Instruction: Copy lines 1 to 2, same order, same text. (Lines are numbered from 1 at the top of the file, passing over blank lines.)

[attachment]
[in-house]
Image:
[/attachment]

[in-house]
Image: